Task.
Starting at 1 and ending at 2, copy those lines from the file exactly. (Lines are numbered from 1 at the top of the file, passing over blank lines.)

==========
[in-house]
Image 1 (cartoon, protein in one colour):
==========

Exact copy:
[in-house]
Image 1 (cartoon, protein in one colour):